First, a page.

Those who were deeply involved with the Internet back in the early oughts can probably recall some more disappointing things put out by humanity that circulated in its time. One of those things being a series of videos and tapes called “Bum Fights”. It came out not that far off from the time when Jackass made a splash. The difference being that this series purportedly featured a couple of homeless individuals doing stunts and fighting one another for small sums of money. Essentially a more exploitative version of Jackass riding on the backs of homeless individuals. Cardboard Boxer takes us into the life of a homeless man who becomes involved with a similar scheme.
Thomas Haden Church is Willie. Willie is one of many homeless people. He lives a life of begging and scavenging. One day he finds a girl’s journal while scavenging and feels drawn to read it. After reading it, he begins to write back to her in a way of both understanding himself more and providing the viewer with an opportunity to learn more about him. He tells the girl about his life and what he cares about. As he reads on, he discovers his biggest fear and what he wants most. He wishes to not die alone and he wants to be known and seen by somebody who cares for him.
Along the way, Willie makes friends with Pinky, a wounded war veteran turned homeless. Pinky reads parts of the diary that Willie can’t read for him and Willie helps him more effectively ask for money. These two develop a bit of a friendship and we get to see Willie look out for another person.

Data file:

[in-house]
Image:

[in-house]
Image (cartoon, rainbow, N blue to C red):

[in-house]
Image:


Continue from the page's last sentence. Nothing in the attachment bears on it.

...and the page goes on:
Running in parallel, Willie meanders his way into the underground homeless fight scene. Some college kids have offered another homeless man $50 to fight someone. As Willie manages to win the fight, he earns the $50 and the title of “Cardboard Boxer”. Willie uses the money to treat himself to a night in a hotel room with a shower and some TV. In the following weeks, Willie participates and wins more fights and begins to think these college kids are his friends. Soon, things fall apart where the other homeless individuals don’t trust him and he realizes that the college kids don’t care about him and he must find his value elsewhere.
All things considered, Cardboard Boxer is rather uneven. The movie successfully conveys just how nasty the homeless fighting scene is. The plight of the homeless does feel relatively real. There isn’t much to drive home the hopelessness of the situation or explore much of the struggles that result in people being homeless. What is shown is shown in a relatively matter of fact fashion and doesn’t rest on it for long.
The best part of the movie is the relationship between Willie and Pinky. This is what the movie needed more of and honestly the fight storyline just distracts from it. Willie’s desire to be known and cared for shows best in this relationship and the diary as opposed to the fights. The diary also allows us a lot of opportunity to see Willie reflect. While relying a bit much exposition, I think it works in the moment without being too heavy handed.